I remember a comicbook that I was one time a go it was the amazing spider-man comicbook and it had venom in it I wish I had the comicbook back then but I saw a nother amazing spider-man comicbook and I whent and got it

  4. Thomas Mets

    Hornacek, you're right that so much of what we think of as the alien costume saga comes from the Fox animated series. Much of it is that they were working with the benefit of hindsight. Wolfcyther, while the female Venom's motives would still be misguided, the loss of a child is a more understandable source of a desire for revenge than Eddie Brock losing his job because Spider-Man caught a serial killer. I don't know how many people are concerned about the flaws of Brock's origin. It was a weak part of a what is for the most part a well-regarded story.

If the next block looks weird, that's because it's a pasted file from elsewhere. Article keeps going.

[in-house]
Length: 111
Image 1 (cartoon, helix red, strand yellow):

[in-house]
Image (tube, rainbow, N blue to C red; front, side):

5. Cheesedique

    Brock / Venom is a great villain who has suffered at the hands of bad writers. Just realized how I would love to see that scene with MJ and Venom play out onscreen in a film! A big part of what made Brock such an intimidating threat early on was that he could get at Peter through his loved ones.

  6. hornacek

    @Frank When Peter had the symbiote it wasn't evil and it didn't turn Peter evil, it just took him out on patrol when Peter was asleep. It was trying to permanently bond with him so when Peter removed it and rejected it, it was angry at Peter so it found someone that was equally mad at Peter/Spidey (Eddie) and it bonded with them for revenge. Or as Don put it in an old episode: "In the 90s show is the first iteration of the costume negatively affecting Peter Parker's personality. In the comics all it did was basically use his body when he was sleeping, like your average prison cellmate."

  7. herbiepopnecker